Owners protected 37 million acres from development last year, a 54 percent jump from 2000.
Look out development sprawl, the land trusts are coming.
Each year the US loses about 2 million acres of open space, farms, and forest to development. But now the tables are turning. Rather than see local green space and rugged outdoor areas gobbled up by strip malls or subdivisions, private land owners are increasingly preserving it.
Out on the east fork of New Mexico's Gila River, the endangered Gila trout is getting help from adjacent landowners who are setting aside 48,000 acres in several land trusts to protect its habitat by preventing development.
At the same time, on the shores of Chesapeake Bay, 206 properties totaling more than 38,000 acres of fragile estuary habitat for migratory birds and marine life, like the short nose sturgeon, have been permanently set aside using legal tools like land trusts and conservation easements.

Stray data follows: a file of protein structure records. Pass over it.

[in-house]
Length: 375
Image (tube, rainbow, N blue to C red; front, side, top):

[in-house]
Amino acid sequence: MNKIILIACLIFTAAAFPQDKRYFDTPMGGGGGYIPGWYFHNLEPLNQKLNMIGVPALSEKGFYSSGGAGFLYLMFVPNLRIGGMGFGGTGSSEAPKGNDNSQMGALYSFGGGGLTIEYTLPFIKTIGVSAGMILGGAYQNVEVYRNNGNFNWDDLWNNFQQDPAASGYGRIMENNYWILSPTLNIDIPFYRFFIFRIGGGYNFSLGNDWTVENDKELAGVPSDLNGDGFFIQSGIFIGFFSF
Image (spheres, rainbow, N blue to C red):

It's all part of a huge new boom in conservation of private lands in which landowners voluntarily give up rights to develop their land – often in return for tax breaks, but also to save rugged landscapes they love.
Private land set aside for conservation grew 54 percent from 24 million acres to 37 million acres– an area larger than New England – between 2000 and 2005, according to a recent study by the Land Trust Alliance, a Washington-based umbrella group of local, state, and national land conservation groups.
National groups such as The Nature Conservancy were key in this push for preservation. But the biggest drivers for growth were volunteer local and state land trusts, whose protected acreage doubled from 6 million acres in 2000 to 11.9 million acres. Meanwhile the rate at which those associations were saving land tripled to 1.2 million acres a year between 2000 and 2005.
"People are not sitting around and waiting for a Washington bureaucrat to solve the problem of strip malls in their own backyard – they're forming land trusts," says Rand Wentworth, president of the alliance.